AP House by Gardini Gibertini Architetti

AP House is a modern two-story residence located in Urbino, Italy, designed in 2017 by Gardini Gibertini Architetti.

Stunning architectural design with a sleek infinity pool, stone walls, and expansive views.
A modern, minimalist living room with concrete walls, exposed beams, and a large sofa.
A modern living room with a prominent concrete ceiling, wooden cabinetry, and a minimalist fireplace.
Minimalist interior with concrete ceiling, wooden shelves, and vibrant abstract art.
Minimalist kitchen with concrete walls, wooden cabinets, and large windows overlooking a scenic landscape.
Minimalist dining room with concrete walls, large window, and wooden table with leather chairs.
Modernist interior with circular lighting, wooden panels, and a floating staircase.
A modern bedroom with a large wooden wall unit and a cozy quilted bed.
Minimalist bathroom interior with modern vessel sinks, wood accents, and large windows.
Minimalist bathroom design with concrete walls, wooden accents, and a sunken tub.
A minimalist bathroom with concrete walls, wooden accents, and a raised platform for the tub.
A modern stone structure with wooden accents, surrounded by lush greenery and a terracotta walkway.
A sculptural concrete water feature leads to a rustic stone building, surrounded by lush green lawns.

About AP House

Reviving Rural Elegance

AP House stands as a striking example of how an ancient rural village on Urbino’s highest hills gains a new life. Renowned for its breathtaking views and pristine environment, this area now boasts a set of modern buildings. These structures rise from medieval ruins, connecting underground and setting atop a striking red concrete platform (124′ x 65’6″).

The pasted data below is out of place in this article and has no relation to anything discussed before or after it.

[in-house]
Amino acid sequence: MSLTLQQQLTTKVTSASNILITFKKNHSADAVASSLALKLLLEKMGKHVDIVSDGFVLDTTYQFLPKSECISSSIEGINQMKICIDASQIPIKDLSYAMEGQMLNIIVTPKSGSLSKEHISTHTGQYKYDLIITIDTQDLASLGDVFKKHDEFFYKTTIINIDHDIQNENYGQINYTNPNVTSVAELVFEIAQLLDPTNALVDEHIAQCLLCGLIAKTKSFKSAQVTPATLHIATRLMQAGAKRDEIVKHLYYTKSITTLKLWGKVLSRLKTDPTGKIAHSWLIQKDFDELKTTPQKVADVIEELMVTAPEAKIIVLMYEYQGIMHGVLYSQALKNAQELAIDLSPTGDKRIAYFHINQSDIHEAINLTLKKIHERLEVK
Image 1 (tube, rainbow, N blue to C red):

Moreover, these buildings reintroduce the site as a central figure in the landscape, sparking a vibrant conversation between new constructions and historical layers.

A Silent Tribute to Tradition

The stone exteriors, devoid of modern additions like gutters or drainpipes, harmonize with the landscape. Their design reflects the area’s rural traditions quietly but confidently. This project not only captures the essence of Marche’s architectural style but also blends in modern elements. The interior reflects contemporary life through its material use, plant design, and furniture, showcasing a clear break from the past while respecting its roots.

Innovative Design for Modern Living

The building’s concrete frame allows sunlight to fill the space, eliminating the need for additional support structures. Spread over three floors, the design cleverly hides parking and transportation from view, ensuring the garden’s beauty remains unspoiled. The main entrance is through a spacious garage in the basement, which also houses entertainment and wellness facilities, including a cinema room, gallery, and gym with a spa.

Ascending from the basement, visitors encounter the breathtaking views of the rolling hills and the pool area. The ground floor extends seamlessly into the garden, housing the living room, dining area, kitchen, and a private study.

The first floor is home to the master suite and two bedrooms, each with its own bathroom. Furniture, designed by GGA architects and crafted from natural walnut wood, adds a coherent and elegant touch to each space, ingeniously concealing utilities.

Sustainable Living Amidst History

An annex, reminiscent of traditional barns, and a third building in the garden, complete the ensemble. The latter features storage for gardening tools and a barbecue, set atop an artificial hill. The outdoor area, with its unconventional Corten steel steps and grass, introduces a playful contrast to the property’s overall design.

The estate runs entirely on electricity, supported by a hidden, extensive photovoltaic system. This not only ensures sustainability but also respects the serene landscape, keeping modern interventions discreet.

In AP House, history and modernity converge seamlessly, offering a sophisticated yet respectful homage to the site’s rich heritage. This fusion creates a living space that is both functional and poetic, deeply rooted in its cultural and natural environment.

Photography by Ezio Manciucca

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- by Matt Watts